Point-of-Care Focused Cardiac Ultrasound in Assessing the Thoracic Aorta

The recruitment status of this study is unknown because the information has not been verified recently.
Verified August 2012 by Yale University.
Recruitment status was  Recruiting
Sponsor:
Information provided by (Responsible Party):
Richard Andrew Taylor, Yale University
ClinicalTrials.gov Identifier:
NCT01671618
First received: August 20, 2012
Last updated: NA
Last verified: August 2012
History: No changes posted

August 20, 2012
August 20, 2012
July 2012
July 2013   (final data collection date for primary outcome measure)
Maximal diameter measurements of the proximal ascending aorta by CTA and FOCUS [ Time Frame: during emergency department visit (estimated average 3-6 hours) ] [ Designated as safety issue: No ]
Maximal diameter measurements of the ascending thoracic aorta by FOCUS will be compared to CTA. Bland Altman plots with 95% limits of agreement will be used to determine clinical and statistical significance.
Same as current
No Changes Posted
  • Time to Emergency Department Disposition [ Time Frame: estimated time frame 3-6 hours ] [ Designated as safety issue: No ]
    Time until an admission or discharge order is placed within the electronic medical record
  • Number and percent probabilities of differential diagnosis [ Time Frame: (estimated time frame 0 -3 hrous) ] [ Designated as safety issue: No ]
    Number and percent probabilities of differential diagnosis will be obtained before and after ultrasound to calculate the informational content provided by the ultrasound and perform additional uncertainty analyses
  • Time to diagnostic imaging [ Time Frame: estimated time frame 0-6 hours ] [ Designated as safety issue: No ]
    Time when diagnostic imaging is performed
Same as current
Not Provided
Not Provided
 
Point-of-Care Focused Cardiac Ultrasound in Assessing the Thoracic Aorta
A Prospective Study on Point-of-Care Focused Cardiac Ultrasound in Assessing for Thoracic Aortic Dimensions, Dilation, and Aneurysm in Correlation With CT Angiogram in Suspected Cases of Pathology

The purpose of this prospective study is to compare point-of-care focused cardiac ultrasound (FOCUS) to thoracic computed tomographic angiography (CTA) in the measurement of ascending aortic dimensions. We hypothesize that FOCUS will demonstrate good agreement with CTA in the measurement of ascending aortic dimensions and accurately detect dilation and aneursymal disease.

Nonspecific chest pain is frequently encountered in the emergency department. Accounting for over 13,000 deaths annually, aortic aneurysmal disease is a potential cause of chest pain.There are multiple diagnostic imaging modalities in practice to interrogate the thoracic aorta, with the most common being computed tomographic angiography (CTA), trans-thoracic echochardiography (TTE) and trans-esophageal echocardiography (TEE), each with its own advantages and limitations. In the ED setting, point-of-care (POC) focused cardiac ultrasound (FOCUS) is increasingly being used as an adjunct to the emergency physician's (EP) workup of undifferentiated chest pain. Based on prior retrospective data FOCUS and CTA appear to have good agreement. This studies aims to confirm these findings through prospective evaluation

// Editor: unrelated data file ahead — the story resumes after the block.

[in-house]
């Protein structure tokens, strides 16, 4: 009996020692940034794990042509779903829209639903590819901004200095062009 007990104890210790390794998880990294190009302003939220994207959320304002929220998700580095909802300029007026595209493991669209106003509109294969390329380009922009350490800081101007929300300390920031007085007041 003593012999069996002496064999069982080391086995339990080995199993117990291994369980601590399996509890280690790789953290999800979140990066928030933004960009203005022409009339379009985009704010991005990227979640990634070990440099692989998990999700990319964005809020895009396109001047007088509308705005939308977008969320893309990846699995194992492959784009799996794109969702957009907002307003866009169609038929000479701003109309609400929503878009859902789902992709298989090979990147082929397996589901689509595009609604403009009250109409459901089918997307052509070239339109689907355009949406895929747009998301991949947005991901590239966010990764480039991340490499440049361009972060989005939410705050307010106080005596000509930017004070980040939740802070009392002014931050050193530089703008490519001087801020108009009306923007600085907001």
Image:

Specific Aims

Aim 1: To prospectively compare Point of Care (POC) Focused Cardiac Ultrasound (FOCUS) to thoracic computed tomographic angiography (CTA) in the measurement of ascending aortic dimensions.

Maximal diameter measurements of the ascending thoracic aorta by FOCUS will be compared to CTA. Bland Altman plots with 95% limits of agreement will be used to determine clinical and statistical significance.

Hypothesis: 95% limits of agreement between FOCUS and CTA will be within +/- 5 mm.

Aim 2: To determine the diagnostic accuracy of Point-of-Care Focused Cardiac Ultrasound for the detection of thoracic aortic dilation and aneurysm with computed tomographic angiography as the reference standard

Sensitivity, Specificity and Accuracy of FOCUS will be computed with CTA as the reference standard.

Observational
Observational Model: Cohort
Time Perspective: Prospective
Not Provided
Not Provided
Probability Sample

Patients 18 years of age or older presenting to an urban, academic, and level I emergency department with estimated volume of approximately 90,000 patients per year.

  • Aortic Aneurysm, Thoracic
  • Aortic Dissection
Not Provided
Not Provided
Not Provided

*   Includes publications given by the data provider as well as publications identified by ClinicalTrials.gov Identifier (NCT Number) in Medline.
 
Recruiting
210
July 2013
July 2013   (final data collection date for primary outcome measure)

Inclusion Criteria:

  • All patients aged 18 years and older presenting to the ED for whom a thoracic CTA has been ordered.

Exclusion Criteria:

  • Refusal of verbal consent for ultrasound.
  • Inability to obtain informed written consent for data collection from either the patient or the patients decision-making surrogate
Both
18 Years and older
No
Contact: Richard A Taylor, MD 860-402-1276 richard.taylor@yale.edu
United States
 
NCT01671618
1202009791
No
Richard Andrew Taylor, Yale University
Yale University
Not Provided
Principal Investigator: Richard A Taylor, MD Yale University
Yale University
August 2012

ICMJE     Data element required by the International Committee of Medical Journal Editors and the World Health Organization ICTRP